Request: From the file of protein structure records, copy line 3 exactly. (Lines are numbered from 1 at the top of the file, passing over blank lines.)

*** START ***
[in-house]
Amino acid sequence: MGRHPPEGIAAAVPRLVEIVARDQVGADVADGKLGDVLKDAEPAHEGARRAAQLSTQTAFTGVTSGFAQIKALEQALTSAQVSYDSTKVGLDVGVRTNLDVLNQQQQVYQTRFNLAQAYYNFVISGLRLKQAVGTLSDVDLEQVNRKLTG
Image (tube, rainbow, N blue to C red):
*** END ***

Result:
Image (tube, rainbow, N blue to C red):